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Quick Look: Dice Tower for iPhone

Rating 4.33 out of 5

There have been a number of tower building games on the App Store, allowing you to build structures with everything from standard brick and mortar sections to sheep!  I think this is the first one I’ve seen that uses dice, however.  Plus, instead of being a game of reaction and timing, it’s more about planning and strategy (with a little bit of luck thrown in).  If you’ve got a craving to keep rising higher and higher, Dice Tower might be the breath of fresh air you’ve been looking for.

2 Pair

2 Pair

Dice Tower is a game about building towers.  As you might have guessed, these towers will be built from dice.  The key here is that the number on the dice makes all the difference in the world.  For the first layer you can use any dice you want except wild card dice.  For any layer after that, the die placed at a given location must either be the sum or the difference of the two dice below it.

There are two exceptions to this rule.  The first is if the two dice below the position are the same, in which case the die can have the same number as those two dice.  The second is if there is only one die below the position.  Then the die you are placing must have the same value, twice the value or half the value of the die below it.  It’s a bit odd to describe on paper, but it works quite well in practice.  Also, don’t worry if your math skills aren’t the best.  As long as you can add and subtract between the numbers 1 through 6 you’ll do just fine.

To help you along the way you might roll a wild card die, which can be used for any number.  In addition you might get an extra roll, more time (on the timed mode), or a treasure that gives you a random value of up to 1000 points.  On the flip side, you could get a die for less time, one that randomly removes dice from the top layer, and one that destroys everything in your hand.  If you get the bomb and lose the contents of your hand, that could be game over if that was your last roll.

Everything is executed via drag ‘n drop.  The control is quite responsive, but sometimes it’s hard to tell where you’re placing a die.  This is especially true if you’re trying to store one in the chest, which is an area that lets you keep a couple dice from your hand as spares before you re-roll.  Rolling is a simple matter of tapping the cup in the bottom right corner of the screen.  Everything else is handled automatically, and power ups (or downs) are used as soon as you get them, with the exception of the wild card die and the free roll.

Almost There

Almost There

There are three game play modes in Dice Tower: Casual, Time Attack and Endless.  In Casual and Time Attack you must build each tower to a certain number of floors starting with 6 rolls per tower.  The main difference between the two modes is that on Time Attack each tower is timed.  In Endless mode you start with 10 rolls and keep on building until you run out of rolls and dice to place.  Endless mode requires the most strategy early on, because if you’re not careful about placing your dice you might use up your rolls a lot sooner than you’d like.  I’m not normally a fan of endless scenarios, but I like the heightened strategic element in this one.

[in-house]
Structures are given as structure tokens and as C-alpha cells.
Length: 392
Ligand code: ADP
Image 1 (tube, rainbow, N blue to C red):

The game isn’t overly flashy, but it looks really nice.  The playing field has a clean layout, everything is easy to read and it’s perfectly clear what’s what.  I like how a little platform slides out for you to roll the dice on.  It’s also pretty sharp when a special die zooms in off the rolling area and then the symbol stays for a second while the actual die fades away.  The little effects like that which are scattered throughout the game give it a nice touch.

The sound effects are decent enough.  A die roll sounds like a die roll and so forth.  The audio is actually a bit more subdued than the graphics even.  The music is nice except for the fact that every song sounds like it’s just a few bars constantly being repeated.  As a result it kind of gets monotonous after a while.

If you’re looking for the splash of games like Digital Chocolate’s Bloxx series, you won’t find it here.  Instead what you get is a stylish yet humble presentation over a unique take on the tower building genre.  If you need some twitch reflex action, you probably want to look elsewhere.  If you’d like to exercise your brain a bit (while still relying on the occasional bit of luck) then Dice Tower is a good choice for you.

Final Verdict: Recommended
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2 comments for “Quick Look: Dice Tower for iPhone”

  1. Dice Tower 1.11 is now available on the AppStore worldwide. If you like dice games with great challenge and strategy, this game is for you. This new version fixes the following:


    - Fixed earthquake dice.
    - Fixed pause menu crash.

    We are looking into the possibility to produce an iPad version of this wonderful game! What do you think? Let us know…


    Posted by Alain Deschenes | February 7, 2011, 12:40 pm
  2. I think an iPad version is a great idea. Of course I don’t have an iPad yet, but if I did have one I’d love to play Dice Tower on it :)

    Posted by PointOfLight | February 7, 2011, 1:00 pm

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